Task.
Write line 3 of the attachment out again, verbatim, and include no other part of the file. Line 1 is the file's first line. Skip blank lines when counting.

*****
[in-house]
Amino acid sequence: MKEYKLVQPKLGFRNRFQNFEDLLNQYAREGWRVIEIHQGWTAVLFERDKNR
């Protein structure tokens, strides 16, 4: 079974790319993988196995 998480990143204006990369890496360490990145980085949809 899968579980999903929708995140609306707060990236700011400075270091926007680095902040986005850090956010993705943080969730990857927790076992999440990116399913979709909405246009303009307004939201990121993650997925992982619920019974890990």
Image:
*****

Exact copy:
């Protein structure tokens, strides 16, 4: 079974790319993988196995 998480990143204006990369890496360490990145980085949809 899968579980999903929708995140609306707060990236700011400075270091926007680095902040986005850090956010993705943080969730990857927790076992999440990116399913979709909405246009303009307004939201990121993650997925992982619920019974890990």